Dr John Coulter is an evangelical Christian and a life-long member of the Ulster Unionist Party. This is an extended version of his monthly Ireland Eye column in Tribune magazine in which he explores how the austerity crisis can be faced, while at the same time saving Stormont.
First the South had to endure the pain of the collapse of the Celtic Tiger economy and the humiliation of the multi-million euro bailout; now the North is dealing with its so-called ‘fantasy budget’, bouncing cheques for funding – and the prospect of Stormont folding once again.
Austerity cuts will bite deep on both sides of the Irish border, but the Northern crisis over welfare reform has been caused by Sinn Fein riding two economic horses – both now running in opposite directions.
The one-time apologist for Provisional IRA terror has now realised it cannot bring about Irish unity with a bombing and shooting campaign in Northern Ireland.
So Sinn Fein has changed direction and is now focusing on becoming a minority government partner in the Republic after next year’s expected Dail General Election.
It has remodelled itself as the voice of anti-austerity. But as a government partner in Stormont with the DUP, it was in danger of having to implement welfare reform sparking the query – will the real Sinn Fein please stand up?
Sinn Fein has tried to delay the implementation of welfare reform in Northern Ireland long enough so that Southern voters can elect the party into power in Leinster House.
But Sinn Fein has taken its eye off the ball in Northern Ireland to the extent that it has been backed into a dead-end political cul-de-sac. The solution is brutally simple. The Unionists will have to compromise to get Sinn Fein out of this corner, otherwise Stormont will collapse.
The British Government wants the Stormont House Agreement implemented. The two clubs to be juggled by Northern politicians are how to implement these stinging welfare reform cuts, while at the same time preserving the Assembly.
If the Assembly parties refuse to implement welfare reform, Westminster will step in and do the job for them – but the cuts will be considerably deeper than anything which the DUP and Sinn Fein have to impose.
Another solution is to let Stormont fold, and transfer many of its powers either to the newly-formed 11 super councils, which came into existence formally in April, and even divest additional powers to the North-South bodies and British-Irish institutions.
This sounds like Home Rule by the back door, or Joint Authority of Northern Ireland by Dublin and London. With the loyalist marching season about to reach its peak in less than a month, it is in everyone’s interest to keep the militant loyalist genie in the bottle for the next few months.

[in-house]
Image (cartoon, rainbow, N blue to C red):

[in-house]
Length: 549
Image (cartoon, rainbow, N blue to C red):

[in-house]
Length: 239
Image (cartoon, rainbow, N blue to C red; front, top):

The harsh political reality is that the new super councils are still bedding in, so it would be an act of sheer stupidity to dump even more powers on them.
And with Sinn Fein – unlike the Scottish and Welsh nationalists – still refusing to take their Commons seats, the imposition of Direct Rule from Westminster suits the Unionists, especially if Cameron needs a few extra votes if his Right-wing backbenchers start to rattle cages over the European Union.
The compromise to get out of this latest politically tasteless Irish stew is a watered down version of the Stormont House Agreement. Welfare reform can be implemented in tiny steps by the Northern Ireland parties, rather than by giant leaps from Westminster.
The DUP still gets to keep its beloved Assembly and Sinn Fein quietly brushes cuts under the green carpet so that it remains the champion against austerity in the Republic, yet imposing the same measures in the North.
Republicans will then have to juggle two versions of the same party. A hard Left party in the South, and a softly, softly Right-wing movement in the North.
Could this ‘dual image’ tactic put an irreparable strain on the Sinn Fein leadership piloted firmly by party president Gerry Adams in the Dail and deputy First Minister Martin McGuinness at Stormont?
Republicans will be hoping the centenary celebrations for the doomed Easter Rising next year can paper over any ideological cracks in Sinn Fein, which lead to the splits in the movement in the early 1970s between Official Sinn Fein and Provisional Sinn Fein, and in 1986 between Provisional Sinn Fein and Republican Sinn Fein.
As yet, the dissident republican movement has limited itself to a stop/start terror campaign rather than the IRA’s ‘long war’ vision. Politically, dissident republicans are leaps and bounds behind Sinn Fein.
Perhaps with Sinn Fein riding two horses, it’s time for a new moderate nationalist party to emerge to replace the split-ridden SDLP?